By Joyce Rasing
Looking back at last semester’s work, I realized that I plunged right into the data without an in depth research about the Abu Sayyaf Group, especially since this semester I want to perform a small network analysis project by the end of the semester. In addition to working on a side project for Peter Logan, I was able to split the time to focus a bit more on the ethnography of the Abu Sayyaf Group (ASG).
According to the Global Terrorism Database (GTD), various news sources, as well as academic sources, the ASG is responsible for specific terrorist attacks that happen in Malaysia and the Philippines. I already know that the ASG is centralized in the Southern Philippines, which is known to have a high population of Muslim adherents in comparison to a predominantly Catholic and Christian country. Malaysia’s religion is predominately Islam.
Here is how the cultural filter works in my mind:
Southern Philippines & Malaysia ==> Mindanao (Philippines) & Sabah (Malaysia) ==> Moro People, Islam ==> Bajau, Tausug/Suluk, Yakan
Tausug/Suluk is significant because, going back to the listing of the two individuals associated with the ASG on the FBI Terrorist Watchlist, both Hapilon and Sahiron speak Tausug. Hapilon speaks Yakan in addition to Tausug. Both Tausug and Yakan are tribal groups and languages in the Autonomous Region of Muslim Mindanao (ARMM). This can influence who ASG members associate with and talk to, and who they don’t associate with and talk to, especially based on the history of the tribal groups. It can affect recruitment strategy, and the slang used for certain activity. Overall, knowing this positively affects my understanding of how the ASG functions.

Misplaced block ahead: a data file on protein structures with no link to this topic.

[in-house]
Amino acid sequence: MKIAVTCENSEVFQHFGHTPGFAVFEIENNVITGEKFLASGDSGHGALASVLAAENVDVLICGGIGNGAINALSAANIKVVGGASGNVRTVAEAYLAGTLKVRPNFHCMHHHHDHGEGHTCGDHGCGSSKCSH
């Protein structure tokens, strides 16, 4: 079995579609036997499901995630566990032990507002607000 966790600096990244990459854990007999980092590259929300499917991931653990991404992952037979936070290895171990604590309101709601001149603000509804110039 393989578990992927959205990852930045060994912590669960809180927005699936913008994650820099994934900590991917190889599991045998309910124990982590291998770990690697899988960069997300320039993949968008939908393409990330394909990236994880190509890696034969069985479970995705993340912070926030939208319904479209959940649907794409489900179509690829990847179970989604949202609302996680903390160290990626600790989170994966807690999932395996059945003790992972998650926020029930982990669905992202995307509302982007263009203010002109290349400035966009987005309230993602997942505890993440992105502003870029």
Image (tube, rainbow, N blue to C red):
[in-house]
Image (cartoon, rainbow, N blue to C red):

These are the very beginning stages of trying to connect the ASG with the worldwide Islamic fundamentalist terrorist network. The ASG pledged allegiance to ISIS, and ISIS has returned recognition. Perhaps neither the ASG nor the Philippines will be significant in the average person’s understanding of ISIS and world affairs, but it does not discount the significance in which the ASG is a branch of the tree, and the same process can be applied for any group.
Since most of my progress has been through reading and taking notes, I have no digital production progress at this time. However, I am working on revising last semester’s Python script using the folium package and CartoDB basemaps for a live and interactive map with zoom capability, instead of static maps on QGIS or ArcGIS in addition to developing a database of ASG members and reading about their current activity.
Soderberg, Craig, Seymour A. Ashley, and Kenneth S. Olson. “Tausug (Suluk).”
Journal of the International Phonetic Association 42, no. 3 (December
 These groups are not the only ones of which ARMM is comprised. There are many, many more ethnic groups missing from the Mindanao region. These are only groups that are predominately associated with the Philippines and Malaysia.
 Of course, I will not know for sure and nor is one semester enough to entirely grasp the ASG’s recruitment strategy. However, I am interested in displaying the connectivity of the members that I find that do exist, and have had significant influence within the group that have affected current members’ participation and activity.
 I do not believe that the identification of an Abu Sayyaf Group member relies solely on his or her ethnicity, nor do I believe that language association adequately serves as sufficient grounds for identifying an ASG member. Those two premises should not serve as necessary conditions for identification of an ASG member. However, recruits must have the ability to communicate with higher ranking members in order to carry out attacks.